By Ross Kentner
Remember that famous judgement from Solomon to determine which woman was the real mother? One baby suffocated in bed and both mothers claimed the live baby. Solomon ordered the child divided into two halves at which point the real mother cried for it to be spared.
You don+?G??G??t find jurisprudence of that calibre anymore, but the Canadian Broadcast Standards Council is splitting hairs the way Solomon did babies! The Council found that Montreal+?G??G??s CJMF-FM did not break the Canadian Association of Broadcasters+?G??G?? Code of Ethics when it encouraged listeners to be spotted driving while using their cell phone, an act which is now illegal in Quebec. That+?G??G??s because the prize was a rebate on a Bluetooth hands-free cell phone device, or the device itself.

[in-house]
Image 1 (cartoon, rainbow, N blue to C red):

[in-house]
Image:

A listener complained that the contest encouraged people to break the law. The radio station claimed it was encouraging people to do the right thing, namely, to use a hands-free device if talking on a cell phone while driving.
The Code of Ethics calls for care to ensure that broadcast promotions are not potentially dangerous. If I read the decision correctly, the panel said it wasn+?G??G??t a big prize, so people were unlikely to break the law for a chance to win. Huh?
To its credit, CJMF responded that the advertisement for this promotion "caused some confusion." I guess! The Standards Council picked up on that comment and said the station really ought to have chosen another way to qualify listeners for the contest. All of which calls to mind that old adage+?G??-?something or other baffles brains. Still applies, don+?G??G??t you think?